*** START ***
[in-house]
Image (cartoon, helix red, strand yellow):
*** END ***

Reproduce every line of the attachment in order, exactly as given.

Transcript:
[in-house]
Image (cartoon, helix red, strand yellow):